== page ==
The cause of the spin that led to the demise of the Japanese Astro H (Hitomi) space observatory, on 26 March 2016, has been described by JAXA. In fact there were two spins and two causes: an incorrect measurement of rotation and a subsequent firing by incorrectly set thrusters.

Shortly after a slew manoeuvre on 25 March 2016, the spacecraft, which was launched in February, fell into an initial spin due to a faulty reading. At 1822 GMT a faulty detection of a spin around the Z axis was made by the Inertial Reference Unit (IRU), reading it as being at circa 21.7 degrees per hour.

In such cases, the IRU data, which can be prone to error, is usually overridden by data from the star tracker but this was not available. Not realising that the roll was non-existent, the spacecraft’s control system thus sped up its reaction wheels to counter this non-existent roll, rotating the craft at roughly the same speed in the opposite direction. The reaction wheels soon approached their saturation limit, despite the best efforts of the spacecraft magnetic torquers to desaturate them.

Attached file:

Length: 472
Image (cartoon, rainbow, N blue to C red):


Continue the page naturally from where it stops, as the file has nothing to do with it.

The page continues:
At this point, to prevent any damage, the spacecraft fell into its Sun-seeking safe mode. However, thrusters that had been incorrectly set following an earlier problem in sun acquisition, after the optical bench had been deployed, then fired. As a result they were now too powerful and put the spacecraft into a rapid spin. This final spin resulted in the eventual destruction of the spacecraft as parts, thought to be mainly from the solar array, fell off, ending the life of the spacecraft observatory on 26 March 2016.

Artist's impression of ASTRO H (Hitomi) spacecraft. Courtesy: JAXA

Artist’s impression of ASTRO H (Hitomi) spacecraft. Courtesy: JAXA